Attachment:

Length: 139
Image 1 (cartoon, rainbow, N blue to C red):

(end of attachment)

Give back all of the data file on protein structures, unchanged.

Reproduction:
Length: 139
Image 1 (cartoon, rainbow, N blue to C red):